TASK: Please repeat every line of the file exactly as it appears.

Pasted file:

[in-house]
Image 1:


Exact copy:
[in-house]
Image 1: